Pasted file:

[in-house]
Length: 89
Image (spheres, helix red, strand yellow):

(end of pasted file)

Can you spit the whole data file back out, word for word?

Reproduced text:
[in-house]
Length: 89
Image (spheres, helix red, strand yellow):